International Study – Dual Degree Programs

Munich

College of Computing students can choose to participate in a dual degree program, obtaining their second degree from either the University of Trento (Italy) or the Technical University of Munich (TUM) in Germany. Classes and laboratories at the European universities are taught in both English and either Italian or German.

At the end of their studies, students will receive an M.S. degree from Georgia Tech and an M.S. degree from the European university they chose.

Trento

Just two and a half hours from Milan in the Alpine region of Trentino-Alto Adige/Südtirol, the northern Italian town of Trento is perhaps best known as the location of the 16th century Council of Trent. The city dates back to at least the 4th century B.C. By the late first century B.C., Trento had been conquered by the Romans, but in the two millennia since, it has come under the control of many different empires and nations. Located in the foothills of the Alps, Trento is near several mountain lakes and smaller villages that retain the distinct identities of the region’s history.

The University of Trento is one the most dynamic technical universities in Italy. Its faculty and students collaborate with 13 public research centers and industrial laboratories, including the Microsoft Research Center in Trento. The university is particularly strong in computer science, specifically in distributed systems, networking, knowledge management and bioinformatics. With more than 16,000 students enrolled in over 80 undergraduate and graduate degree programs, the University of Trento has consistently been ranked as one of Italy’s best medium-sized universities by the country’s national CENSIS ranking.

Munich

Located just an hour and a half from the German Alps, Munich is the capital of the German state of Bavaria and home to nearly 1.4 million residents. Though known worldwide for its beer gardens and Oktoberfest, modern-day Munich is a cosmopolitan German city boasting nearly 900 years of history and stunning architecture—despite the city’s being largely rebuilt following its devastation during World War II. National Geographic Traveler once ranked Munich 30th on its list of Top 100 destinations worldwide.

The Technical University of Munich (Technische Universität München) is one of Germany’s leading research universities. With more than 22,000 students, it is among the best in the country and has produced a constant stream of Nobel laureates, the latest being Gerhard Ertl who won the 2007 Nobel Prize in chemistry.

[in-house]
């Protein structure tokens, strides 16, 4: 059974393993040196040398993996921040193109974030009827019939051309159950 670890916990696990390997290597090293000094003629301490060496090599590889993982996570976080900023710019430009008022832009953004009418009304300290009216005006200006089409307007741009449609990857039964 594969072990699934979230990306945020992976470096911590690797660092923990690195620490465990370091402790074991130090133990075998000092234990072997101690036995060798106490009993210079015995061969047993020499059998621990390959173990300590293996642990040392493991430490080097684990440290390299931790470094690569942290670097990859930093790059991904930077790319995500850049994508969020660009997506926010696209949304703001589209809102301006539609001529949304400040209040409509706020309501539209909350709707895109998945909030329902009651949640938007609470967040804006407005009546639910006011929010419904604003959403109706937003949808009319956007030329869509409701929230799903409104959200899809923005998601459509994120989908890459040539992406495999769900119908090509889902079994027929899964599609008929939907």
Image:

UPC (Barcelona, Spain)

Earn two MSCS degrees, from Georgia Tech and UPC (Universidad Politecnica de Catalonia) in Barcelona, Spain.

The Universitat Politècnica de Catalunya (UPC) is a public institution dedicated to higher education and research that specializes in the fields of architecture, science and engineering. The UPC schools and research centers are known, nationally and internationally, for the education and training of professionals and for research in these areas.

This university is forward-looking and seeks to teach high-quality technical courses that are responsive to the training needs and requirements of traditional, evolving and newly developing production sectors. Visit the UPC site for more information.

Georgia Tech-Lorraine (Metz, France)

The Georgia Institute of Technology and Georgia Tech-Lorraine signed cooperative agreements with renowned engineering schools and universities in France and Europe to develop innovative academic collaborations and allow students to graduate with a double master's degree. Within the framework of these agreements, students may take courses offered by these partner institutions in their local language. Upon successful completion of these highly innovative and integrated programs, students are awarded a master's degree from Georgia Tech and a graduate diploma from a partner institution. Visit the GTL site for more information.